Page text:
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Work-report formats and overbilling: How unit-reporting vs. cost-reporting increases accountability and decreases overbilling

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Abstract

The current paper examines how asking for a report of units of work completed versus cost of the same work can influence overbilling. We suggest that something as simple as asking for a report of units of work completed (for instance, reporting either the time spent or number of units of work completed) as opposed to the cost of the work completed can drive different unethical behaviors. We argue that unit-reporting makes providers feel accountable for their actions, and this induced accountability, in turn, impacts actual billing behaviors. We present seven studies, including a field experiment in the auto-repair industry that demonstrate the effect of different work-report formats on overbilling and provide evidence for our proposed underlying mechanism.

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... As always, generalization of experimental findings should be cautious, and subject to the accumulation of research that offers replications of the effect as well as identifying boundary conditions. For example, Desai and Kouchaki (2015) recently reported a study that seemed to favor the one-by-one policy over the all-at-once policy. In this study, an experimenter contacted garage mechanics to obtain an estimate for changing the brake pads of a car. ...
... On a theoretical level, one-by-one and all-at-once reporting procedures can be used to test possible interactions between accountability (e.g., Tetlock, 1992;Lerner and Tetlock, 1999;Desai and Kouchaki, 2015) and lie aversion (e.g., Gneezy, 2005;Lundquist et al., 2009;Shalvi et al., 2011b;Hilbig and Hessler, 2013). The two constructs could probably be combined to work in the same direction and encourage honesty. ...
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Organizational monitoring relies frequently on self-reports (e.g., work hours, progress reports, travel expenses). A “one-by-one” policy requires employees to submit a series of reports (e.g., daily or itemized reports). An “all-at-once” policy requires an overall report (e.g., an annual or an overview report). Both policies use people's self-reports to determine their pay, and both allow people to inflate their reports to get higher incentives, that is, to cheat. Objectively, people can cheat to the same extent under both reporting policies. However, the two policies differ in that the segmented one-by-one policy signals closer monitoring than the all-at-once policy. We suggest here that lie aversion may have a paradoxical effect on closer monitoring and lead people to cheat more. Specifically, reporting a series of segmented units of performance (allowing small lies) should lead to more cheating than a one-shot report of overall performance (that require one larger lie). Two surveys indicated that while people perceive the all-at-once policy as more trusting, they still expected people would be equally likely to cheat in both policies. An experiment tested the effects of the two reporting policies on cheating. The findings showed that contrary to the participants' intuition, but in line with research on lie aversion, the one-by-one policy resulted in more cheating than the all-at-once policy. Implications for future research and organization policy are discussed.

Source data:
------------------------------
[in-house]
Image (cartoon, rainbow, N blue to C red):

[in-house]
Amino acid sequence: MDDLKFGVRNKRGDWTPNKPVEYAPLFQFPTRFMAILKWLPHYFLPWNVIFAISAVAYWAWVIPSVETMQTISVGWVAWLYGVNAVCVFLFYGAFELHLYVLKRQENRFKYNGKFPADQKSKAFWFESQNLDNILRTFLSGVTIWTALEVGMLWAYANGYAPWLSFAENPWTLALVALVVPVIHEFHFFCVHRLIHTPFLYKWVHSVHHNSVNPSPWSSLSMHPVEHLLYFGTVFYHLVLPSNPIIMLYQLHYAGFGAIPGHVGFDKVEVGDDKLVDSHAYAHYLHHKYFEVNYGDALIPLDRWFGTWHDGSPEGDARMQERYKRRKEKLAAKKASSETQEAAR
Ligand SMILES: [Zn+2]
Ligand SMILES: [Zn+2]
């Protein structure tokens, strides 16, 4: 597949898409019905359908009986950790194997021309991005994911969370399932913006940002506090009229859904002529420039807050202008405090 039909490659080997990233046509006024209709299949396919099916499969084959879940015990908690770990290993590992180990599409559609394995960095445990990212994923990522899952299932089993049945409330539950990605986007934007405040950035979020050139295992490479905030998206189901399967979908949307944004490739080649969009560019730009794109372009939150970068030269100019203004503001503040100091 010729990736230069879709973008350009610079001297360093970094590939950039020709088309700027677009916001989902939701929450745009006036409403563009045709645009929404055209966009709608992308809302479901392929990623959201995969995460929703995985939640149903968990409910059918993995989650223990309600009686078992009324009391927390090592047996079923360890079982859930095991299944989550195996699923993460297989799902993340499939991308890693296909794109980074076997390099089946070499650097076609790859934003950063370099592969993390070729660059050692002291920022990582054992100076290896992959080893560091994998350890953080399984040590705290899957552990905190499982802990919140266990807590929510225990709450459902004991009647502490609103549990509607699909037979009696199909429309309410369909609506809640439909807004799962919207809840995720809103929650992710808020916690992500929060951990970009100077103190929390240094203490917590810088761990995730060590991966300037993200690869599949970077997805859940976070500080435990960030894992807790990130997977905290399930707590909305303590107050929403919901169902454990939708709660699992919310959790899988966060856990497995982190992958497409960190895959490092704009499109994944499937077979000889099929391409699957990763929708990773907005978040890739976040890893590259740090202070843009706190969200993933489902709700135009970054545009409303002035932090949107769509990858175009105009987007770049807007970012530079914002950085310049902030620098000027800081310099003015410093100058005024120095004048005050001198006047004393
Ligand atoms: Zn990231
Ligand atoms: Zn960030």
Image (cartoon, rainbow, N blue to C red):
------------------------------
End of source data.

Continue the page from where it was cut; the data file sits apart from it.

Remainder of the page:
... Accountability is a governance mechanism (Garcia et al., 2019) embedded within the organization's social structure (Tetlock, 1985) that, we suggest, fits the category of being a potentially strong situational influence. Accountability is a perceptual state that can be explicitly identified or implicitly felt (Desai and Kouchaki, 2015), and occurs when individuals believe they may be called to answer for, or otherwise justify, their performance (Mero et al., 2007(Mero et al., , 2014. The effectiveness of accountability stems from the principle that answerability for a decision, action or outcome links the individual to the social system to which they belong (Tetlock, 1985). ...
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Purpose With increasing competition in the marketplace, there is a greater push for exceeding customer expectations and delivering customer delight to ensure firm’s success. The main reason for this push is the beneficial outcomes for the firm. More recently, hidden benefits have been identified (i.e. elevated customer emotions can positively impact other customers and employees in the service environment). Adding to this developing literature, the current research develops a model that links antecedents and outcomes to employee perceptions of customer delight. Design/methodology/approach Both field and panel data, as well as multiple statistical methods, were utilized to test the hypothesized relationships. The field data were collected from employees of a national specialty retailer. Findings Service climate and interpersonal influence have a positive impact on customer delight and employee perceptions of customer delight. In turn, employee perceptions of customer delight positively impact harmonious passion and job dedication. In addition, accountability for pleasing customers is a significant moderator of the relationship between employee perceptions of customer delight and harmonious passion, but not between employee perceptions of customer delight and job dedication. Research limitations/implications This research contributes to the ongoing debate on the viability of customer delight as a service standard by investigating the under-studied perspective of the frontline employee. Practical implications This research contributes to the debate on the value of customer delight as a service standard by investigating the under-studied perspective of the frontline employee. A key takeaway for practitioners is how to create and manage the delight spirals that can occur when customers are delighted. Originality/value This is the first study that evaluates antecedents and outcomes of employee-perceived customer delight in a single model. This is also the first study to measure the impact of employee perceptions of customer delight with field data.